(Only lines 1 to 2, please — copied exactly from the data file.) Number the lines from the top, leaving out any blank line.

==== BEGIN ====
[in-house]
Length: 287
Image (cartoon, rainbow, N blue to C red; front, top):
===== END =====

[in-house]
Length: 287